Chapter 5 is particularly valuable in that it defends divine simplicity (God is his attribute) while showing the necessity of this attribute for the Trinity. The Son and the Spirit must be all that God is in order to be God at all. Differing only in their eternal relations of origin, the divine persons are truly and fully divine in every sense of the term (150). This point is important because simplicity has fallen on hard times in modern theology. Barrett illustrates that it is no accident that traditional conceptions of the Trinity have fallen on hard times simultaneously. Moreover, social trinitarian models have shifted the goal lines by redefining personhood in God from relations of origin (see below) to social relationships. This reviewer believes that this redefinition of terms is part of the unspoken crux of the matter in modern debates among evangelicals.
However, chapters 6-7 press home the key issue at the present time and the target of the book through the lens of eternal generation. While many modern authors either reject or modify eternal generation, Barrett rightly presents the doctrine as a question of an eternal relation of origin. This means that eternal generation describes the sense in which the Son is God: he is God of the Father. In other words, the Son is God by eternal communication of the divine essence from the Father. This is what it means to be the second person of the Trinity (and so with the Spirit). Some modern Trinitarian theology has replaced the idea of eternal relation of origin with authority and submission. Though Barrett does not draw much attention to the fact, even John Calvin shifted away from historic Trinitarian theology by relegating eternal generation to the Son’s personhood, excluding his essence. This was an unthinkable move in light of the history of Christian doctrine, since the three persons are the single divine essence, and eternal relations of origin described the personal subsistence in that divine essence by the Son and the Spirit.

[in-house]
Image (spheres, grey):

Failing to distinguish personhood from essence in God destroys the Trinity, but separating personhood from essence in eternal generation treats the divine nature as a fourth thing that all three persons share without remembering that the persons generated and spirated are divine persons. Few realize the implications of this point. In particular, functional subordination views jettison divine equality in irreversible order by redefining the terms of Trinitarian theology completely. Going beyond these fundamental points, Barrett examines “nine marks of an unhealthy generation,” which threaten the Son’s equality with the Father and personal distinction from him (156; listed on pg. 166). While chapter 6 defends eternal generation, chapter 7 illustrates why the doctrine is necessary to the gospel. Both of these chapters are masterful and wonderfully clear in their defense of orthodox Christianity. At the very least, readers will be compelled to conclude that modern trinitarian views that teach functional subordination are not the views of the historic Christian church (or, more importantly, the Bible).